Israel has always worried about Iran….but they should worry about Russia as well…hwy?  Russia and Iran are allies in the Syrian thing…..and a new deal will keep Russia in Syria for awhile after the shooting has stopped….

The Federation Council (upper house) of the Federal Assembly of Russia just ratified relevant legislation which after Presidential approval will enshrine into a law an agreement to maintain a presence of Russian forces in the Syrian Arab Republic for 49 years.

The measure allows for an extension of the agreement for a further 25 years.

Russia has maintained a naval base in Tartus in western Syria since 1971, the year after President Hafez al-Assad, the current President’s father came to power in what was known as the Corrective Movement.

Russia has been a long time Syrian ally and today’s announcement ensures a partnership which will extend throughout the better part of the 21st century.

You, my reader, should keep in mind that the US under Trump is stopping the weapons and cash for the “rebel” factions…..

Despite a solid eight months of stories about President Trump considering ending the CIA program to arm Syrian rebels, yesterday’s announcement that he’s ending that program have the rebels claiming they were totally “blindsided” and never expected such a move.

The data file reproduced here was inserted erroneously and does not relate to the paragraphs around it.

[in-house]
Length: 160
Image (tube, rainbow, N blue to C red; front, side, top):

Needless to say, they’re outraged by the decision, saying that the lack of US arms shipments would quickly lead to the collapse of the “moderate” Free Syrian Army, to the benefit of jihadist factions closely aligned with al-Qaeda’s Nusra Front.

This is a surprising claim, particularly for the Free Syrian Army to make, since one of the big knocks on them for years has been how closely aligned they themselves have been with Nusra, with claims that Nusra effectively had been using FSA as a cover to secure US arms.